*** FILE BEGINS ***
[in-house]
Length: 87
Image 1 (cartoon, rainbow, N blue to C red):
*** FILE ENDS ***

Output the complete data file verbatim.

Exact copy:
[in-house]
Length: 87
Image 1 (cartoon, rainbow, N blue to C red):